annual refraction exam

Discussion in 'Optometry Archives' started by Liz, Jul 21, 2003.

  1. Liz

    Liz Guest

    For years my doctor has been performing a refraction test during my
    annual check up. In fact, he performs this exam an every one of his
    patients. My insurance does not pay for this, nor in fact, does
    medicare. Therefore, I have been paying the $36 out of pocket. Does
    every md perform this test on his patients annually? Thanks Liz
    Liz, Jul 21, 2003
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  2. Liz

    Mark A Guest

    No, never heard of it. He must have been an Ophthalmologist prior to being
    in general practice. He is probably trying to recover his investment in

    Next time you schedule an annual check-up, tell them you don't want an eye
    exam (if you don't want one). Sounds like the Dr needs to check your voice
    box on the next exam.
    Mark A, Jul 21, 2003
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  3. Liz

    Edward Guest

    Given that it's unlikely that your GP has the time or equipment to do a
    proper refraction, I will assume that you're referring to your eye doctor.
    In that case, a refraction is generally performed during the annual
    examination, as it should be. Strangely, those who set the rules with
    Medicare do not consider refraction to be a part of the exam important
    enough in which to provide reimbursement, so you will be charged for that
    component. Those doctors who do a refraction on Medicare patients and don't
    charge them for it are either 1) taking a loss or 2) "upcoding" when they
    bill Medicare... the later is a BIG no-no.

    Edward, Jul 21, 2003
  4. Liz

    Mike Tyner Guest

    It might vary by state. Here Medicare doesn't pay for refraction ever, and not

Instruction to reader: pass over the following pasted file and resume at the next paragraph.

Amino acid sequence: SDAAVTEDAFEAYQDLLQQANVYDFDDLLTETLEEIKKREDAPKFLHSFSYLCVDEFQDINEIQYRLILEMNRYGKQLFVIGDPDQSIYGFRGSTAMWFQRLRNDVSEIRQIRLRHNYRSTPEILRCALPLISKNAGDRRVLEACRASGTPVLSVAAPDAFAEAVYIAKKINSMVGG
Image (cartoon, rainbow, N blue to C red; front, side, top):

more than one pair of glasses per lifetime.

    Mike Tyner, Jul 22, 2003
  5. Liz

    Edward Guest

    As far as Medicare and the various Part B carriers are concerned there is a
    distinct difference between a "refraction" (i.e. determination of refractive
    state) and an "eye examination" (i.e. an eye examination sans determination
    of refractive state). "Refraction" is never covered, but they will cover an
    "eye examination" if a patient has a "medical diagnosis". There may be
    exceptions to the rule, as Dr. Tyner alluded to, but I've yet to find one.

    Edward, Jul 22, 2003
  6. Liz

    The Real Bev Guest

    My MIL's ophthalmologist does a refraction every once in a while. She has
    MD and is legally blind. She can see the big E with only one of her eyes,
    but not the second line. He charges her $55 for this in addition to
    whatever he charges Medicare/Blue Cross. He says he needs to do this to
    see if her vision has deteriorated. I think it's just a rip-off.

    Her internist has a Snellen chart posted on the wall but I have no idea
    what she does with it. She certainly has no other optical stuff in her

    "Calling someone an asshole for being rude to a telemarketer
    is like accusing someone who's shot a burglar in his home
    of being a poor host." -- W.S.Rowell
    The Real Bev, Jul 23, 2003
  7. Liz

    Mark A Guest

    Refraction is rarely covered in any corporate medical plan (only in a
    separate vision plan). Same for dental (unless caused by accident or
    Mark A, Jul 24, 2003
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